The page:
The Act seeks to protect employees from exposure to second-hand smoke in an enclosed workplace. An enclosed workplace means the inside of a building, structure or vehicle that an employee works in or frequents during the course of their employment (whether or not they are acting in the course of their employment at the time), and includes common areas such as washrooms, lobbies and parking garages. Examples of an enclosed workplace include the inside of a trailer office on a construction site, the inside of a loading dock, or the inside of a delivery truck.
The ban on smoking in an enclosed workplace is in effect at all times, even during off-hours when people are not working.
As to the maximum fines and penalties for violation of the SFOA generally, the fines are determined by the number of convictions. The maximum fine for a first time offence by a corporation is $100,000 and the maximum fine for a corporation with more than one conviction is $300,000.
Probably not. There are many labour law cases where violation of employer’s policy was at issue. Generally, “for the breach of an employer’s rule to constitute cause for summary dismissal, the employee must be aware of the rule, the rule must be reasonable and the consequences of its breach must be so severe as to fundamentally breach the employment contract”.
Furthermore, the Court may not uphold the validity of a dismissal for purported cause if it considers the employer’s rule to be unreasonable.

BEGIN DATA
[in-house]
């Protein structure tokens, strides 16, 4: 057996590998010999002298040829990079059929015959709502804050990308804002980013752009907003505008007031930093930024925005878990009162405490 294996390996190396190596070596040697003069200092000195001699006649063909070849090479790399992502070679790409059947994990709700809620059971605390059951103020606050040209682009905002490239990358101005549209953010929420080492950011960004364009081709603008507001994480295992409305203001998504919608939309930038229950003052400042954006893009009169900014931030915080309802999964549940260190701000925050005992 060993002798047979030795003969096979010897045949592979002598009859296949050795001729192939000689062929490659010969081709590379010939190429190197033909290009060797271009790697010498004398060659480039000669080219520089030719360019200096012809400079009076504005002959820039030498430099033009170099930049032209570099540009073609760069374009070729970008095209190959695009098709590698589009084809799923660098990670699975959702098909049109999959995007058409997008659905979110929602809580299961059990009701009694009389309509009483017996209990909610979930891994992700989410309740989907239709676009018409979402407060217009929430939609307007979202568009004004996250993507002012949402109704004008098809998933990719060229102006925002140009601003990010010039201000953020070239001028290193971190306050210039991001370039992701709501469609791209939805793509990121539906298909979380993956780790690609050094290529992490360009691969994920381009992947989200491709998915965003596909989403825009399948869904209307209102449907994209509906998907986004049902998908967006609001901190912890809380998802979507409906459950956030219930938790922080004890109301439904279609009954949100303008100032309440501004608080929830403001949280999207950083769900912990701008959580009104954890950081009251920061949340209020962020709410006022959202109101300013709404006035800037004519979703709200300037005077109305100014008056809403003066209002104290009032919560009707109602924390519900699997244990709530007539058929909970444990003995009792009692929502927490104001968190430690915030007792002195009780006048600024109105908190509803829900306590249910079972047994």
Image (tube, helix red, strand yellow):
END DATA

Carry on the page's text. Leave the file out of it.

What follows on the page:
Penalty for a breach must be reasonable and objectively proportionate to the seriousness of the conduct. An employee’s previous good (or bad) work history is also relevant.
In a case called Hill v. Dow Chemical Canada Inc. the 48-year-old plaintiff was the superintendent of security for the employer for seven years. He supervised 40 employees and a budget of $4 million. He received satisfactory performance evaluations, merit increases and bonuses throughout that period.
A local hockey team had made an unsuccessful application for a monetary donation from the employer, and the plaintiff asked the coach if there was anything else the company might be able to provide. The coach indicated that the team needed ice packs. The plaintiff ordered the ice packs, which cost $84. The plaintiff did not conceal his purpose, but did not seek any approval from the employer. The requisite form was never completed. However, under the employer’s policy, the plaintiff could have completed the form and authorized the donation himself from his departmental budget without any further approval being required by the employer.